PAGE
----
I kinda like our setup where one team raids from outside the building and the other team defends the target room in the basement. There are two entrances to the room, one on each side of a hallway, and the defending team has to make sure nobody gets inside.
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#9 Langley

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Posted 21 July 2008 - 11:29 AM

Obstacles spaced between 20 and 90 feet apart with a mix of ones that fully obstruct those standing behind them and ones that do not. All within grade terrain that is clear enough to not be geared primarily towards the breaking/spraining/twisting of ankles.
Anything beyond those criteria is based on personal preference and play style used. If your battlefield has too many open areas larger than 200 feet square, then add some modular obstacles.
http://nerfhaven.com...?showtopic=8930


I would disagree. I think it is just as important to have good boundaries in your field, and such boundaries are on a bigger scale than homemade obstacles. With a field full of Mobstacles without boudaries, what's to keep everyone from just running around the perimeter? Also, it's nice having obstacles which are big enough to completely obstruct shooting and movement (trailers, hills, hedges, dense patches of woods) because they beak up a battlefield into smaller areas that can be easily moved through. I think if I had to nerf on a scaled-down speedball field all the time I would get bored of it pretty quickly.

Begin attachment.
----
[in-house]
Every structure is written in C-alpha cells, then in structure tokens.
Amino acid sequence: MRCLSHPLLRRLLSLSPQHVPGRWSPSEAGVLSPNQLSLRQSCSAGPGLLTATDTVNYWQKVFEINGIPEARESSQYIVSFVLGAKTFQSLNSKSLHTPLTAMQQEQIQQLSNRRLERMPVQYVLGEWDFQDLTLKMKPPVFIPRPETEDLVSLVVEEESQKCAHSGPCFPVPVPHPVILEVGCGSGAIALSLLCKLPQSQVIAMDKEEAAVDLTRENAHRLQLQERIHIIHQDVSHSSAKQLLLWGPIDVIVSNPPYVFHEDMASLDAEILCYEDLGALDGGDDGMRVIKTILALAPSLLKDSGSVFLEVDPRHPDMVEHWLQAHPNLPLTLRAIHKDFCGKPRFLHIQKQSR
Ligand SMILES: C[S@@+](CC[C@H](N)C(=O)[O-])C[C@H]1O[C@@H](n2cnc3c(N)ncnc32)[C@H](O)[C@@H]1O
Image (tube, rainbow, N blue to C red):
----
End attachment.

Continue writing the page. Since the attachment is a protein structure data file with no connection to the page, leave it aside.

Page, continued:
As an aside, those mobstacles look like they need a little wind proofing as well. What if you were to stretch the tarps across a pvc frame, and fill the bottom of the frame with sand to keep it from blowing around too much? That would keep you from having to pound pipes or stakes into the ground, and having a complete framework instead of just vertical supports would keep the obstacle from getting all...floppy. The only problem is that keeping the tarps taut could cause darts to either rip the tarp or bounce off the tarp like a trampoline.
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#10 Salmon

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Posted 21 July 2008 - 12:08 PM